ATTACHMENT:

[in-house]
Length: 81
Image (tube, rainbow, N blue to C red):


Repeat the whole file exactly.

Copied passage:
[in-house]
Length: 81
Image (tube, rainbow, N blue to C red):